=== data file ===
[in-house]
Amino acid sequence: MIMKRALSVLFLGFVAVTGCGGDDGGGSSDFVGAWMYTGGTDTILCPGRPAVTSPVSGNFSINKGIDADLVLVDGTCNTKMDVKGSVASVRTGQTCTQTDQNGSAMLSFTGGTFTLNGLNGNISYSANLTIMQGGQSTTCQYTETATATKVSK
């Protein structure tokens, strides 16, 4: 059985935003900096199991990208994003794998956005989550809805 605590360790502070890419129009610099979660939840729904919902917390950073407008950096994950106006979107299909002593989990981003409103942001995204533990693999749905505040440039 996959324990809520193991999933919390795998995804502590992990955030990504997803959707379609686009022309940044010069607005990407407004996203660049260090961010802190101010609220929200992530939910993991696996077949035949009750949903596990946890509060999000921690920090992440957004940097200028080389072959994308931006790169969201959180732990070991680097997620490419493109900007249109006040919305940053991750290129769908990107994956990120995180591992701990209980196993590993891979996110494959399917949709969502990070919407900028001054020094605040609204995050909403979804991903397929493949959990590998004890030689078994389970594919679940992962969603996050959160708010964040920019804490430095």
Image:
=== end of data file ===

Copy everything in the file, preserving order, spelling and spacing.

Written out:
[in-house]
Amino acid sequence: MIMKRALSVLFLGFVAVTGCGGDDGGGSSDFVGAWMYTGGTDTILCPGRPAVTSPVSGNFSINKGIDADLVLVDGTCNTKMDVKGSVASVRTGQTCTQTDQNGSAMLSFTGGTFTLNGLNGNISYSANLTIMQGGQSTTCQYTETATATKVSK
């Protein structure tokens, strides 16, 4: 059985935003900096199991990208994003794998956005989550809805 605590360790502070890419129009610099979660939840729904919902917390950073407008950096994950106006979107299909002593989990981003409103942001995204533990693999749905505040440039 996959324990809520193991999933919390795998995804502590992990955030990504997803959707379609686009022309940044010069607005990407407004996203660049260090961010802190101010609220929200992530939910993991696996077949035949009750949903596990946890509060999000921690920090992440957004940097200028080389072959994308931006790169969201959180732990070991680097997620490419493109900007249109006040919305940053991750290129769908990107994956990120995180591992701990209980196993590993891979996110494959399917949709969502990070919407900028001054020094605040609204995050909403979804991903397929493949959990590998004890030689078994389970594919679940992962969603996050959160708010964040920019804490430095």
Image: